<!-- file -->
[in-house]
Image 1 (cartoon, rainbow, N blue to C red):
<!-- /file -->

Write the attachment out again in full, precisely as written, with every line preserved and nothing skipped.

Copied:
[in-house]
Image 1 (cartoon, rainbow, N blue to C red):